If you’re new to flipping houses or even if you’re not, don’t take on a headache. Your goal is to get in and out of the flip with the minimal possible work. Stay well clear of structural changes and extensive plumbing and electrical work. Avoid properties which are prone to or have been affected by natural disaster. Also, don’t commit to projects that are contingent on the local municipality coming out to change water and sewer lines. You’ll drive yourself insane dealing with their bureaucracy.
4. Budget For Holding Costs
Before you plunge headfirst into a flip, work out all your holding costs for 6 months and keep that money aside. This includes utilities, insurance, lender payments, lender inspections, monitoring/alarm service, snow removal, etc. Nothing is worse than running aground financially when the rehab goes over budget.
5. Don’t Cut Corners On Kitchen Appliances
When rehabs go over budget, kitchen appliances bear the biggest brunt. You may find yourself hamstrung as to what you’re able to buy. The$3000 French door refrigerator that looked perfect gets downgraded to a $1500 bottom freezer fridge. The slide-in induction range becomes a standard freestanding electric one. The panel-ready dishwasher which should have given the kitchen a cleaner look now has to be stainless steel.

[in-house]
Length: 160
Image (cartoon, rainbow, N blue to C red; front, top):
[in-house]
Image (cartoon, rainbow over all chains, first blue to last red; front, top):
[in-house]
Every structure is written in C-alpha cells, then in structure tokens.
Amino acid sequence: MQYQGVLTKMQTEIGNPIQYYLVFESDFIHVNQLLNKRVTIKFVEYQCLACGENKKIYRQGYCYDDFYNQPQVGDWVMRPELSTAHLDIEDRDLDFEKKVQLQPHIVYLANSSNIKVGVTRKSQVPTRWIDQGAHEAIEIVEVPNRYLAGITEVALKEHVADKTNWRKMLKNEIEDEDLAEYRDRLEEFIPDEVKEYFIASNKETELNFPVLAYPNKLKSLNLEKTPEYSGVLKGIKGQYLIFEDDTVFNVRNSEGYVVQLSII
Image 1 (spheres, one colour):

Downgrading the kitchen will hurt your chance of a quick sale. This is why, before you start the rehab, budget for quality appliances that are sure to impress potential buyers. Also, always consider purchasing appliance in packages. This not only lends aesthetic consistency, but also saves money.
6. Hire A Stager Or Become One Yourself
If you’re trying to save money by not staging your flip you could be losing cash by having your listing linger too long. Some buyers have a difficult time picturing what certain spaces will look like so you’ll have to pique their imagination.
If you are doing multiple flips you might want to consider buying a sofa, chairs, rugs and artwork, lamps etc and keep them in storage or your basement/garage to use to stage your homes. It doesn’t have to cost a fortune. Once you have the staging in place get a professional photographer to capture your sharp interior design work.
7. Don’t List Too High
Everyone wants to make the most money they can but if a property hangs around on the Multiple Listing Service, it tends to lose its shine. List at the price you think is reasonable for the profit you desire. But be prepared to lower it quickly if buyers don’t bite. If the property doesn’t sell you might want to consider refinancing it into a conventional loan and renting it out. But beware. If you choose the wrong tenants you may have to do your rehab all over again.
8. Spend Money On Small Upgrades That Add The Wow Factor
A mosaic tile border or a waterfall shower head won’t cost a lot extra to install but they all help add to the appeal of the home and will get prospective buyers dreaming. Don’t over improve for the neighborhood. Make small, relatively inexpensive upgrades. An alluring home interior may close the deal if a prospective buyer is ambivalent about an uninspiring neighborhood.